ANTITHESIS: Socrates says: "I am Socrates"; so "I" is NOT Plato.
SYNTHESIS: The word "I" is like "Now" and "Here" -- it always ACTUALLY refers PARTICULARLY to this speaker, but it is POSSIBLE for it to refer UNIVERSALLY to any speaker.
Perception covers the period from Aristotle through the Medieval period.
The chapter concerns itself primarily with the Aristotelian distinction of substance and attributes, that is, the substantial THING with its many PROPERTIES.
In treating the one thing with many properties, the chapter also covers the Neoplatonic problem of the ONE and the MANY.
Insofar as it deals with the problem of universals, this chapter covers the Medieval period.
"Supersession exhibits its true twofold meaning which we have seen in the negative: it is at once a negating and a preserving." (¶112)
Here and Now you perceive a salt crystal. It is ONE thing with MANY properties: "The salt is a simple Here, and at the same time manifold; it is white and ALSO tart, ALSO cubical in shape, [ALSO] of a specific gravity. All these MANY properties are in a SINGLE simple 'Here'." But the properties that occur Here and Now together do not interact; they are interconnected "only by an indifferent ALSO. This Also is thus the pure universal itself, or the medium, the 'thinghood', which holds them [the properties] together."
THESIS: (¶119) You perceive this thing here and now. The UNITY is in the thing (in the OBJECT); any MULTIPLICITY is in your mind (in the SUBJECT), since it is white to your eyes, tart to your taste, but the difference in sight and taste is in you, not in the thing.
ANTITHESIS: (¶119) You perceive the flavor and color together; they come into your mind through your MANY different senses, but your consciousness overcomes this MULTIPLICITY by UNITING the many into your perception of ONE thing. Now the UNITY is in your mind, not in the thing. The thing is just many different ways of affecting the unity of your mind.
SYNTHESIS: (¶128) There is ONE thing and ONE mind; the different qualities are MANY relations between these opposed unities.
Force and Understanding covers modern philosophy from empiricism through Kant.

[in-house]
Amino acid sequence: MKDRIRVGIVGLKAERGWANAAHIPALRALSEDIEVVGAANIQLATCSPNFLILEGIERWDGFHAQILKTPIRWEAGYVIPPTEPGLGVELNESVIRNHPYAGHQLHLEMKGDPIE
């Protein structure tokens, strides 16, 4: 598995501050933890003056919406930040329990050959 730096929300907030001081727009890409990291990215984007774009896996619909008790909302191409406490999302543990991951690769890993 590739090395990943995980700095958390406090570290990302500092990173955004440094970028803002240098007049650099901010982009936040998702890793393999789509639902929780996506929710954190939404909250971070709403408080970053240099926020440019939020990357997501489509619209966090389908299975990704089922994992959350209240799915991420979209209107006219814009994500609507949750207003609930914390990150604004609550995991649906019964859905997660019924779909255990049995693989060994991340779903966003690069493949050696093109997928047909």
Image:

It obviously enough deals with Kant's noumena / phenomena distinction (appearance versus the supersensible world). According to Baillie "In this section we have at once an analysis of empiricism and a criticism of the Kantian solution of the problem of empiricism" (Baillie, Phenomenology of Spirit, p. 179).
In addition to Kant and the problem of empiricism, Werner Marx tells us that the determination of Force which occurs in this chapter is "reminiscent of Leibniz" (Werner Marx, Hegel's Phenomenology of Spirit, p. 95).
The dialectic of Force and Understanding ends with the passage of consciousness from the Sensible World to the Supersensible World. The main hurdle on the Divided Line has now been crossed. Behind the curtain of appearances there lies the hidden inner world.
165. "We see that in the inner world of appearance, the Understanding
in truth comes to know nothing else but appearance . . . This curtain [of
appearance] hanging before the inner world is therefore drawn away, and
we have the inner being [the 'I'] gazing into the inner world . . . It is
manifest that behind the so-called curtain which is supposed to conceal
the inner world, there is nothing to be seen unless we go behind it ourselves,
as much in order that we may see, as that there may be something behind
there which can be seen."
1. J. N. Findlay's "Analysis of the Text" in Phenomenology of Spirit, trans. A. V. Miller, p. 510; Baille also notes that the Theatetus influenced this chapter. See his footnote to the chapter in Baille, Phenomenology of Spirit, p. 147.
William Paterson University Philosophy Department